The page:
Sorry about your lay off. I was laid off a little over a year ago myself and because of planning and having a nice emergency fund, was able to not freak out. Sometimes these things end up being for the best. I’d check out Republic Wireless for a cell phone. I pay less than $20 a month and yes, it’s a smartphone. I wrote a post about some of the pros and cons here, hope it’s okay to share the link. Remove it if not. http://www.thesmartandfrugalpath.com/republic-wireless-right/. They’ve made some changes just this month with their plans and phones, but they’re still a really inexpensive option and I’ve been really happy with them. Depends upon where you live though, I’m sure.

    Reply
    • Kate Dore Danell Underwood August 6, 2016 on 5:28 pm

      Thanks for sharing this resource, Danell. I’ve heard great things about Republic Wireless. I’ll have to check them out!

      Reply
  • Lorin @ My Story Defined August 1, 2016 on 11:48 am

    Even in a situation that most would consider bad you have chose to see the positives in it. Now, you can focus more on your blogging and freelancing which is awesome. I appreciate you sharing the changes you will need to make and am sure this will impact someone greatly.

    Reply
    • Kate Dore Lorin @ My Story Defined August 6, 2016 on 5:27 pm

      Thanks so much, Lorin! I’ve learned so much from other personal finance bloggers over the past few years. I’m happy to share the rough patches in my own journey. I hope it’s helpful to someone else!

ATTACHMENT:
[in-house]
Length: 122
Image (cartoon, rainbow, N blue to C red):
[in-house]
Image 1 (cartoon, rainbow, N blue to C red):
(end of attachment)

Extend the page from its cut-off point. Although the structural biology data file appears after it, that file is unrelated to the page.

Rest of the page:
Reply
  • NZ Muse August 1, 2016 on 6:45 pm

    Argh, sympathies! Sounds like you’re in a great place though and it could just be the pathway to the next great phase.

    (Never been laid off, but have seen partner through some.)

    Helping creatives with money is a seriously awesome idea and wish you all the best!

    Reply
    • Kate Dore NZ Muse August 6, 2016 on 5:25 pm

      Thank you so much for the encouragement! I’m really stoked to finally be pursuing my dream full-time 🙂

      Reply
  • Dollar Engineer August 1, 2016 on 10:07 pm

    Damn Kate the job loss sucks, but you really are prepared this time around and sounds like it may turn into a blessing down the road. I love the bare bones budget idea and I have thought of that myself in a similar fashion for my emergency fund. Good luck with future opportunities! I’m sure your blog is going to skyrocket now.

    Reply
    • Kate Dore Dollar Engineer August 6, 2016 on 5:25 pm

      Thanks, Dollar Engineer! I highly recommend building a bare-bones budget. It’s helpful when assessing how much you really need in your emergency fund. Plus, it’s great to regularly assess what’s really an “essential” expense.

      Reply
  • Athena August 1, 2016 on 10:58 pm

    I am so sorry to hear about your layoff. I’ve never been laid off per say but I have been fired, back when I was 21. It wasn’t a complete shock since I wasn’t a model employee ( at all), but I could have handled it way better than I did.

    This sounds like you are thinking ahead and taking care of yourself, which is especially important during these times. I wish you the best of luck Kate!

    Reply
    • Kate Dore Athena August 6, 2016 on 5:23 pm